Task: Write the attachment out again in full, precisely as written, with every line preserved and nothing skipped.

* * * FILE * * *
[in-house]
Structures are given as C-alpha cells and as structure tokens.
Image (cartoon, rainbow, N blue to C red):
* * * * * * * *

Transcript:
[in-house]
Structures are given as C-alpha cells and as structure tokens.
Image (cartoon, rainbow, N blue to C red):